In at the deep end


I’ve probably gone on about this a lot lately, but I’m currently at the start of the biggest learning curve I’ve ever encountered: motherhood.

Prior to the birth of my daughter in May, I’d held a baby precisely 3 times before, all of which had occurred before the age of 13. So was I ready to deal with a small person of my own? Mentally, yes, but in practice? Probably not.

Immediately comes challenge number one (aside from the obvious of actually giving birth to an 8lb baby); how to comfortably pick up and put down something that feels as though it might break with the slightest wrong move. We’ve pretty much mastered that now (a whole lot easier now she’s a sturdy 3 month old).

Challenge number two: changing a nappy. Easy, yes, but on day 2 of motherhood this simple task reduced me to tears when baby decided to wee all over the changing mat, swimming in a puddle of her own urine (although this didn’t bother her in the slightest). Grandma to the rescue.

Don’t even get me started on feeding. The rules around bottle feeding have changed in the last few years, meaning that bottles should no longer be made up in advance like parents of my mum’s generation or even as recent as a few years ago would do. I’ve never stressed myself out so much as when trying to figure out the best way to handle night feeds, the quickest way to get a correctly made up bottle to a screaming baby, or what the hell you’re supposed to do if, God forbid, you actually want to leave the house one day. The Tommee Tippee perfect prep machine is well worth the investment, btw (although obviously no help when out and about).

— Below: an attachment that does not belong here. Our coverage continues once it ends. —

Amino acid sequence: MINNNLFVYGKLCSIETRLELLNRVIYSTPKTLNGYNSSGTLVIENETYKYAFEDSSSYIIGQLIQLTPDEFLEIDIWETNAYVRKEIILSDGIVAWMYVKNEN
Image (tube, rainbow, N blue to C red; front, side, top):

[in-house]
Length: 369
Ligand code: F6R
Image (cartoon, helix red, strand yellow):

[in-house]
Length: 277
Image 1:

The night times of the first couple of months brought the biggest challenges. I learnt a lot about the value of sleep, which is taken for granted until you’re deprived of it, and the importance of patience, which I was often short of when up at 3am screaming ‘what the hell do you want from me?! and storming off to the bathroom to calm down while my other half took control of the situation. These nights were often followed the next morning by remorse and embarrassment at my behaviour, and an inability to look the neighbours in the eye out of fear they heard everything and judged me to be a terrible mother.

3 months in to motherhood, I’ve learned an incredible amount already (including a lot more about what’s normal and not when it comes to baby poop than I care to share here). I’m not only learning about how to be a parent, but I’m getting to know my little one and myself too. My main problem was that I severely lacked confidence at first, but I can do this whole motherhood thing, and can genuinely say (now that I’m getting some sleep) that I’m enjoying every minute of it.

This is a learning journey that I’m going to be on for a long time yet…


2 thoughts on “In at the deep end

  1. Welcome to the sisterhood. I worked in a church nursery, babysat regularly as a teenager, and had baby brothers, so despite years of experience with tots, the adventure of my own make it feel as if I’m learning all over again from scratch all three times so far. 😉


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